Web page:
Friday, 9 September 2016


One of the pleasures of walking the sands at Sanna is watching the small waders run in and out of the surf. It's also a challenge trying to photograph them as they don't hang around.

The down-side of taking their picture is that they have to be identified, and this can be a trial to amateurs like me, but.... of the birds in the group was relatively easy to name, the one at centre left with the very distinctive black tummy, which is almost certainly a dunlin.

I sent the picture to the Raptor who, as always, was quick to reply. He writes, "The one with the black belly is definitely an adult dunlin, the others may be juveniles. The white bellied ones could be sanderling which are much more common, but I can't quite tell if they have smaller beaks than the dunlin."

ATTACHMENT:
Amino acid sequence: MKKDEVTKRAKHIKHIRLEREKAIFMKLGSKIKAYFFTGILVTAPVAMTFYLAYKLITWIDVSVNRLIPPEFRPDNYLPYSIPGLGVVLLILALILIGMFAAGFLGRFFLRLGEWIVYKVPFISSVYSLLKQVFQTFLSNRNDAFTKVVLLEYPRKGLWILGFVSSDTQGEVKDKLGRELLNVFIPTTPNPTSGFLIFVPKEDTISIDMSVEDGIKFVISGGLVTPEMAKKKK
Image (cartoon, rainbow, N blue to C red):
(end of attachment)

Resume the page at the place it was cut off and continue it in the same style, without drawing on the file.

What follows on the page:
The flock allowed us to approach very close before they took off and landed again almost immediately on a wave-washed rock, at which point they became very difficult to spot, but finally....

....they took off and flew away.


  1. The black-bellied bird is indeed a Dunlin, but the others are Sanderlings, shown by the white belly and breast-band which stops abruptly in a straight line. The are also more likely to have reddish colouration on the upperparts surviving from their summer plumage, and they have more pronounced, whiter, wing-stripes. Their usual hahitat is at the tide edge, and they run around more readily than Dunlin.

  2. Many thanks indeed for the detailed and very helpful identification. Jon